Harvard News

New art-making space in Allston opens its doors to the public

New art-making space in Allston opens its doors to the public

September 17, 2019

So where can teachers and students, academics and artists, musicians and dancers with different backgrounds and areas of expertise come together to find and explore the fresh perspectives required to breathe life into new works?

Visit Harvard’s newest laboratory this week to find out.

Located on North Harvard Street, the ArtLab is the University’s latest Allston laboratory devoted to creative inquiry, research, and experimentation. Drawing on Harvard’s myriad artistic makers, the ArtLab will foster interdisciplinary collaboration, investigation, and connection within the community...

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Speaker of the House of Commons John Bercow visits Harvard’s campus

Speaker of the House of Commons John Bercow visits Harvard’s campus

September 17, 2019

John Bercow has become an unlikely international celebrity and YouTube star amid the heated, high-profile Parliamentary debate over Britain’s planned withdrawal from the European Union. Speaker of the House of Commons for a decade, Bercow has become famous for his sharp wit and scathing takedowns of rowdy colleagues, his bellowing calls for “Order!,” and his efforts to democratize Parliament by giving greater voice to backbenchers, or nonparty leaders. (A quick online search will yield several video compilations of him in action during the so-called Brexit deliberations.) Bercow, who has...

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Evolution of the student-athlete experience at Harvard examined

Evolution of the student-athlete experience at Harvard examined

September 16, 2019

Claudine Gay, Edgerley Family Dean of the Faculty of Arts and Sciences, recently announced a study of the Department of Athletics that will examine the student-athlete experience, culture of programming, and department structure. “This important work will inform strategic planning for Harvard Athletics over the coming decade, drawing on the proud history, traditions, and the values of athletics at Harvard,” she said. The Gazette caught up with Gay and Bob Scalise, the John D. Nichols ’53 Family Director of Athletics, to learn more about the study, how the program has evolved, and the...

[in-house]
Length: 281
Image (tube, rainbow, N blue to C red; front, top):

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Finding a study space at Harvard’s libraries is easier than ever

Finding a study space at Harvard’s libraries is easier than ever

September 16, 2019

One perk of holding a Harvard ID is access to the numerous study spaces in the Harvard Library system. But with so many options to choose from, selecting the right study spot can leave anyone feeling overwhelmed.

Now, thanks to a new tool — aptly named Find a Space — landing the perfect study space is a click away.

Located on the Harvard Library website, Find a Space allows users to search through more than 100 study spaces in over 15 Harvard libraries based on a variety of criteria, including noise level, whether food is allowed,...

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Harvard president sees University as a force in battle against climate change

September 13, 2019

Universities are among the most creative and powerful forces for shaping the future. At our best, we prepare students to devote their lives to causes larger than themselves. We bring together scholars whose insights help illuminate and address society’s greatest challenges. We convene conversations that help envision how tomorrow might be better than today.

If the future is our genuine concern, we must face up to the stark reality of climate change. The scientific consensus is by now clear: the threat is real, the potential consequences are grave, and the time to focus on solutions is...